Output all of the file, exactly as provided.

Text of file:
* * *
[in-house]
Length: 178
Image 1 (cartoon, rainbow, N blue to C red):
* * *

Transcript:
[in-house]
Length: 178
Image 1 (cartoon, rainbow, N blue to C red):